If you have been in an Uber car and gotten pulled over and had the car seized out from under the driver when you were like in the middle of a trip that you were otherwise having a good time on, you might be a little bit radicalized. You might all of a sudden think, Wait a minute, what just happened, and why did it happen? And then you might discover what the taxi companies did over the last 50 years to wire up city governments and all the corruption that’s taken place. And you might say, “Wait a minute.” There’s this myth that government regulation is well intentioned and benign, and implemented properly. That’s the myth. And then when people actually run into this in the real world, they’re, “Oh […] I didn’t realize.”
One of my favorite things of all time is George McGovern, who ran for president in ’72 as a hyperliberal. Of course Nixon [beat him badly]. And in 1992 he wrote a column for The Wall Street Journal which told the story of his life after he left politics, when he bought an inn in Connecticut. And he said, “Oh my God, I didn’t realize.” And the “Oh my God, I didn’t realize” was: I did not realize what a layered impact 50 or 100 years of regulations and laws applied on small-business owners actually meant.
If you hire some consenting but unlicensed neighbor for a not-very-big repair or construction job in California, there’s now a greater chance he or she will be headed for jail, no matter how happy you may be with the quality of the work. Gov. Jerry Brown has signed S.B. 315 (text, progress, promotional fact sheet), described by its sponsor, Sen. Ted Lieu (D-Beverly Hills), as a measure “to help curb California’s underground economy.” The measure would step up penalties and enforcement against persons who advertise for, or perform, repair and construction work with a value of $500 or more, counting parts and material as well as labor. (By its terms, the bill appears to apply to someone who offers to do a $500 job for your office that consists of procuring a $400 item and adding $100 for the labor of installing it.) First offenses are subject to six months in jail and a $5,000 fine, and subsequent offenses are treated yet more harshly.
There’s more. The bill, according to its legislative summary, “would additionally require that the enforcement division, when participating in the activities of the Joint Enforcement Strike Force on the Underground Economy, be granted free access to all places of labor,” at least in business locations. (Yes, “all”; you only thought your property was private.) And although the literature on the bill refers repeatedly to the need to curb “cheating” contractors, the penalties apply no matter how satisfied you may be with the contractor’s work.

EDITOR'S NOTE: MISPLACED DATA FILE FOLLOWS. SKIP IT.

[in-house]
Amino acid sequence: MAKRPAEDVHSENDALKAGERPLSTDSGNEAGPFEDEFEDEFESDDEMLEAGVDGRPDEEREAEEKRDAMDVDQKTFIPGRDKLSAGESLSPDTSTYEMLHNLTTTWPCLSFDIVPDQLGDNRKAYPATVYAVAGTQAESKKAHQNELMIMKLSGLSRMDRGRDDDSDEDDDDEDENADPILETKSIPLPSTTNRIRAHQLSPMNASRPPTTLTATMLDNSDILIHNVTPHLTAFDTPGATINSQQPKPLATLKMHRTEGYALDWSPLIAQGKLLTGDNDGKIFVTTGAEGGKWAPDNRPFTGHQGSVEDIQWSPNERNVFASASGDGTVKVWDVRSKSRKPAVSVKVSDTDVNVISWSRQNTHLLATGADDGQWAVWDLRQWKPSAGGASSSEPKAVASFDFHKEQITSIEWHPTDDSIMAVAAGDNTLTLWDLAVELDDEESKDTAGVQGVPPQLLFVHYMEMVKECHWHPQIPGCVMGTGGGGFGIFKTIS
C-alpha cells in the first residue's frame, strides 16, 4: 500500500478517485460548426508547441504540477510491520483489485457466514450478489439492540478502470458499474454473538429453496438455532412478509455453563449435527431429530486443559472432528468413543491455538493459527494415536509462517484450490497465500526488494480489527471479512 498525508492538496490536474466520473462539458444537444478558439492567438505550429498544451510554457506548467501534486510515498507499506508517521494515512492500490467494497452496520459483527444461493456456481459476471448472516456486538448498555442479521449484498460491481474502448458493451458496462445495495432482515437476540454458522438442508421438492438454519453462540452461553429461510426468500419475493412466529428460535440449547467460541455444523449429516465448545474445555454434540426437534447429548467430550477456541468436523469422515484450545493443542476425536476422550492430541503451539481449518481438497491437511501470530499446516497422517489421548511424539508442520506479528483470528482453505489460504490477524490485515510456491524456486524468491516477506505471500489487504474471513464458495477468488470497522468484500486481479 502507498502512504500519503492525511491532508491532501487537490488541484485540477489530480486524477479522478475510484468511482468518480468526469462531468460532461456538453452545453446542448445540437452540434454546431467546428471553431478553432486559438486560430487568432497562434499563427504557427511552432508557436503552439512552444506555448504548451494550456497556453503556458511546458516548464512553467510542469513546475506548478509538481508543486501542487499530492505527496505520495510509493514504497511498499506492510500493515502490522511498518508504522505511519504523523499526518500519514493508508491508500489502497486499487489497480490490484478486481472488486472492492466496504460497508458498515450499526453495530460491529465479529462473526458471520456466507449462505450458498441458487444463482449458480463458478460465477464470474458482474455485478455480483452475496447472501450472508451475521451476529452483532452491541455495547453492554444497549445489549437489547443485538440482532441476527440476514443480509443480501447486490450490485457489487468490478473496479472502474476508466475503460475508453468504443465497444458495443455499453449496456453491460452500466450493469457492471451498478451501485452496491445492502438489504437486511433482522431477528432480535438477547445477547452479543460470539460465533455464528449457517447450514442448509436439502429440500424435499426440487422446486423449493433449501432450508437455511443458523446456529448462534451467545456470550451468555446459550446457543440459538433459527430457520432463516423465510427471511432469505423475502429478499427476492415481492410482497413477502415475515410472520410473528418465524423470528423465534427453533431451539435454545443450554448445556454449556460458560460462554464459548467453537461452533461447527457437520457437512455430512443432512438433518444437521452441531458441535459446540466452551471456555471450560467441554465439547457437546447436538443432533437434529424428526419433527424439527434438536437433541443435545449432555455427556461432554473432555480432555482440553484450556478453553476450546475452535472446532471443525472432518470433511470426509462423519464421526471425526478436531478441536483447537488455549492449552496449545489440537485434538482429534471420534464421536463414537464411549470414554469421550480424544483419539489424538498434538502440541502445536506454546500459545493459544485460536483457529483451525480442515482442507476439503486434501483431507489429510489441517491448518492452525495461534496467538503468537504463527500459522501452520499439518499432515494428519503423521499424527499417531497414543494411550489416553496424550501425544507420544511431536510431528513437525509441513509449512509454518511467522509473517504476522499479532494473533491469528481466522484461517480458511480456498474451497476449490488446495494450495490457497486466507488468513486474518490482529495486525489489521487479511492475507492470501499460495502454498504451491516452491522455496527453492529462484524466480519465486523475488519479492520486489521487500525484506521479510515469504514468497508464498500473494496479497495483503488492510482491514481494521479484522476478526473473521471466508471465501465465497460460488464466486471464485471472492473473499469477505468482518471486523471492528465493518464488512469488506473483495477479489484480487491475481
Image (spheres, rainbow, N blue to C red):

That’s because protecting customers isn’t actually the point. Such is the political grip of occupational licensure lobbies that the bill passed unanimously in both houses of the California legislature with support from licensed repair and construction contractors. Lieu: “Groups supporting SB 315 are: Contractors State License Board (sponsor); Air Conditioning and Refrigeration Contractors Association; Air Conditioning Sheet Metal Association; American Subcontractors Association, California Inc.; California Chapters of the National Electrical Contractors Association; California Landscape Contractors Association; California Legislative Conference of the Plumbing, Heating and Piping Industry; California Professional Association of Specialty Contractors; United Contractors.”
In short, this is the sort of thing the California legislature does when it wants to think of itself as pro-business: it extends criminal liability for doing business in any other than the authorized way.
More: I’ve got some further thoughts at Cato at Liberty: “The costs of occupational licensure are many. Not least is that it gives established businesses a stake in making government more powerful and invasive.” And am I the only one who interprets the bill as aimed at Craigslist and at sharing-economy interfaces that match odd jobs with persons willing to do them, even if it is not announced as such? More on the law from Steven Greenhut (who was on the story before I was).
Like most courts to consider the issue, the California Supreme Court in a case involving Domino’s Pizza has held that a franchisor generally cannot be held liable for the independently made employment decisions of one of its franchisees. Who would disagree with that commonsense view? Well, the Obama National Labor Relations Board (NLRB), as well as three liberal dissenters on the seven-member California court, who would have left it up to case-by-case jury factual balancing, an arrangement likely to coax settlement offers from risk-averse franchisor defendants. [Daniel Fisher, Forbes, also; Shaw Valenza; Fox Rothschild; Gordon Rees; related, Epoch Times last week quoting me; earlier here, here, and here]
In the supreme court’s view, the fact that Domino’s exercised extensive control over the manner in which the franchisee operates its business was merely a way to ensure the uniformity of the customer experience at its franchised outlets. As the court explained, this uniformity actually benefits both parties to the franchise relationship because “chain-wide variations … can affect product quality, customer service, trade name, business methods, public reputation, and commercial image” and, thus, the value of the brand. And because “comprehensive operating system[s]” are present in nearly every franchise relationship, those systems standing alone could not reasonably “constitute the ‘control’ needed to support vicarious liability claims like those raised here.”